AGAIN FOR OUR PROPAGANDA TASKS IN RELATION TO CZECHOSLOVAKIA
The invasion of Czechoslovakia by the armies of Soviet revisionists and their satellites makes the work of our propaganda against the Czechoslovak people even more urgent and necessary, as I wrote a few days ago, earlier this month. Nothing differs from what I wrote in those days, when Soviet military aggression had not yet taken place. But after this aggression a new situation was created, a new moment, which in the elaboration of these theses we must constantly keep in mind and this is a new national moment for the people and for the Czechoslovak revolutionaries. The main factors that need to be addressed, too, are:
The Czechoslovak revisionist leadership, before the Soviet aggression capitulated, opened the borders, called on the people and the army not to move. She betrayed the people.
It matters, and this is a big issue, that the people, although they did not take up arms, did not accept the foreign occupation and that in the first minutes they started the passive resistance, but actively and in a very interesting way. After invading Czechoslovakia, Soviet revisionists tried to establish a quisling government, completely obedient and in their own hands. The resistance of the people made their efforts fail.
The Moscow Accords – fascist dictates and the second capitulation of the Czechoslovak revisionist leadership. The agreement makes the situation even more difficult for both the occupiers and the Czechoslovak Tevizian leadership. The people rejected the capitulation agreement and this is of great importance. Consistent revolutionary spirit so far of the Czechoslovak people.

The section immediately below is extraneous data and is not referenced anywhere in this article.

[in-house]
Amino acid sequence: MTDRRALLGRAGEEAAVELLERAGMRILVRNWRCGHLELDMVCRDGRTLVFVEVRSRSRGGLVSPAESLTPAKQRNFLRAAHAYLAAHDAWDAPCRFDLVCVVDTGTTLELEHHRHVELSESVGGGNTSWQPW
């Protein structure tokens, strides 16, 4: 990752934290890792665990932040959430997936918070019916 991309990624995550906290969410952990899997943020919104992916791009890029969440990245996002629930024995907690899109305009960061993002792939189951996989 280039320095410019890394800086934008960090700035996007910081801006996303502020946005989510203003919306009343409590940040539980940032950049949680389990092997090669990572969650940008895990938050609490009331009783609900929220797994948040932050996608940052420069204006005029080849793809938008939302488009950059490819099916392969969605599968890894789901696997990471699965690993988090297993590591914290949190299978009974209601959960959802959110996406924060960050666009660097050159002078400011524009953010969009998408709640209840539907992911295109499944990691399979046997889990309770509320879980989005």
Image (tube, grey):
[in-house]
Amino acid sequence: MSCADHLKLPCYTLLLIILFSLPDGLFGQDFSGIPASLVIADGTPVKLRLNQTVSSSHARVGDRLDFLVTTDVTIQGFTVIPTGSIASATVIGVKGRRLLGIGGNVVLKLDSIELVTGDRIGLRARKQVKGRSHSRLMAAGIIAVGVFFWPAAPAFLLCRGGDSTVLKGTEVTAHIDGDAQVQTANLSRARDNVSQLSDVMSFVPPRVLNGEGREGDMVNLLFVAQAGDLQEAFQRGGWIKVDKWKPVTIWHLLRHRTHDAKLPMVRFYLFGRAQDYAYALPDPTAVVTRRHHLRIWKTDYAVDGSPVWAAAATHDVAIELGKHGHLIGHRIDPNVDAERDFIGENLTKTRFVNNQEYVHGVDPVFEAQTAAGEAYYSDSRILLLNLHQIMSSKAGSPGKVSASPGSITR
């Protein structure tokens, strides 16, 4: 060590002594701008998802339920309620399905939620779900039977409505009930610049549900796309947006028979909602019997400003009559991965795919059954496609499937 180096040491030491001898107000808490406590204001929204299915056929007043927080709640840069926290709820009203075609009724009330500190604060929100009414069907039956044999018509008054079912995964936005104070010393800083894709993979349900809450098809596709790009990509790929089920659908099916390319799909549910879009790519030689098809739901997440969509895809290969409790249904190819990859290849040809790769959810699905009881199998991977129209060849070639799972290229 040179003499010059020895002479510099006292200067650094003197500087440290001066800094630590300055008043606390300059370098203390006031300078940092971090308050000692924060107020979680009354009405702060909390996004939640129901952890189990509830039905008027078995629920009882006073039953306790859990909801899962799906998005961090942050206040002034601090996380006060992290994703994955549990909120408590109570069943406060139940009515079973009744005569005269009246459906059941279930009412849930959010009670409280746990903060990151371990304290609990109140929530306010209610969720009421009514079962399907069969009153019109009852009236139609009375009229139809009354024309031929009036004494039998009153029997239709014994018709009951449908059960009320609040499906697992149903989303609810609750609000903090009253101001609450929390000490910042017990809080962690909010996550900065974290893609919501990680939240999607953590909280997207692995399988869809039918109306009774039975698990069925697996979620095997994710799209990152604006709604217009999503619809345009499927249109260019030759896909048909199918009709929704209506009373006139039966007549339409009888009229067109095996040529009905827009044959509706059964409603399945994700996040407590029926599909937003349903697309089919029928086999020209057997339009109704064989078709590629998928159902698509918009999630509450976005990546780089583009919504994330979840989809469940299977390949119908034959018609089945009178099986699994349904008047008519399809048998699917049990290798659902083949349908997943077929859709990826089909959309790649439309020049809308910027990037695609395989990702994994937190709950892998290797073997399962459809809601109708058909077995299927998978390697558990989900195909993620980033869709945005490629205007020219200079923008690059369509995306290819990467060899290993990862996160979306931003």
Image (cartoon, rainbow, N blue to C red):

To break this resistance, the Soviet occupiers were forced to temporarily keep in power the Dubcek clique, which a few days ago was called a traitor. This is a tactic on their part and aims to discredit Dubcek in the eyes of the masses, to break the resistance and bring to power other people, more convinced, why it is possible that the Dubcek clique will try to maintain ties, as supposedly more opposition to the Soviets, under the conditions of their occupation. All this diabolical tactic must be unmasked, always bearing in mind that the decisive factor of victory is the Czechoslovak people, which must be organized by the revolutionary Marxists-Leninists. Now it must be borne in mind that the main enemy is the invader, then come the collaborationist traitors. The history of our Party is full of great experience for this war, which must be used wisely and appropriately to serve the Czechoslovak comrades in the situations that have arisen for them. We must keep in mind that the Czechoslovak national bourgeoisie will organize and resist to some extent. In what form, we will see. The defenders of the Dubcek clique line will also organize themselves and resist. Czechoslovak fascists too. Therefore, we must pay special attention to the problem of the fight against the invaders, the local fascists, the external and internal reaction, in our writings. On the other hand, for the Czechoslovak revolutionary Marxists-Leninists who have to organize and fight on many fronts, the issue of alliances, of the front is of great importance. They must be helped by us, so that they do not make mistakes in concrete and good analysis, which only they are able to do. We must follow with great care the development of the situation in Czechoslovakia and be prudent in our thoughts, that they may turn out to be sectarian for one situation and broad for another. In the conditions of the general resistance of the Czechoslovak communists against the invaders, it is possible for the revolutionary Marxists-Leninists to obscure the need to form a real communist (Marxist-Leninist) party illegally. The moment is very suitable for creating a strong nucleus in illegality, which knows how to inspire for action and for war up to arms, the old Czechoslovak communist party, in the war to do its education, to do the cleansing, but not them leave this task to the revisionist leaders who will replace each other in the Czechoslovak Communist Party according to the development of different situations. The situation in Czechoslovakia occupied by Soviet revisionists is and will be very rich in events and experience. This experience should not be underestimated and treated lightly, or arrogantly. Many forces among the Czechoslovak people and working class, disagreeing with each other, will fight in various forms and ways against the invaders. There will be some of these forces that will wage a war, seemingly resistance, but pro-Soviet in essence. There will be others who will fight relying on the external reactionary bourgeoisie. But in one thing we have to influence the Czechoslovak comrades, that they connect with the class, with the mass, to organize and the moments are very favorable for the clandestine organization. The formation of the Czechoslovak Communist Party (Marxist-Leninist) in illegality and its leadership in these moments now and in those to come, becomes necessary. Once again, our propaganda towards Czechoslovakia must stand at the right height and not fall into banalities, phraseology and especially swearing. Swearing and phrases do not prove anything, on the contrary they show infertility. Propaganda, that is, our writings, must be concise, with strong Marxist-Leninist logic, simple, but deep in meaning and thought, and not run after phrases and drown these thoughts in an ocean of words. We should aim for those who will listen to us to draw some conclusions and possibly lessons for action. We must aim for the broad masses of the Czechoslovak people to listen to us with thirst, without getting tired and never bored. We must aim to base everything we say on indisputable facts, known and unknown to the Czechoslovak public, and especially to accurate facts from domestic life in Czechoslovakia. This is of great importance./Memorie.al